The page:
It’s not the only time an ignorance of history has been highlighted in the news recently. A premiere league football player was investigated for apparently making a Nazi salute. Although he was found not guilty, the FA investigation found him to be appallingly ignorant of Fascism and Hitler’s impact on millions of people across the globe (Church, 2019). Whilst the FA lamented his ignorance, I’m unsure they have done anything to help him address it. Would he be willing to read about the Holocaust and impact of Fascism in Europe? Would being forced to read about the lives of people over 70 years ago, help him understand how a chance photograph can affect people?
Should reading be a punishment, would it help people understand the impact of their actions? As a Librarian, people often assume that all I do all day is read. For me, reading is a luxury I indulge in daily, when I’m at home. I find a distinct difference between reading by choice, for escapism, and reading because you have to. I remember studying English Literature at school and finding any books I was forced to read, quickly lost their charm and became a chore rather than a pleasure. I’m not sure reading should be a punishment; it could disengage people from the joy and escapism of a good book. However, I understand the value of reading in helping people to explore topics and ideas that may be well outside their own world.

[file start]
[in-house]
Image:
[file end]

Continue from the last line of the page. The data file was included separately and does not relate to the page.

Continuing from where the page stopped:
There is a growing body of literature that reflects on bibliotherapy and how reading can help people in varying stages of their life (Hilhorst et al., 2018; Brewster et al., 2013). A recent report by Hilhorst et al., (2018) advocates reading to transform British society, address isolation and improve social mobility. I believe reading can help improve our quality of life, helping us improve literacy, understand complex social issues and offer escapism from the everyday. However, I hesitate to view reading as a magical solution to society’s problems. Some people advocate the literary classics, the numerous lists you can find online that extort the virtues of reading the finest of the literary canon – but how much of it is just to conform to the social snobbery around reading ‘good literature’, a tick list? We should encourage reading, not force it upon people (McCrum, 2003; Penguin Books Ltd, 2019; Sherman, 2019).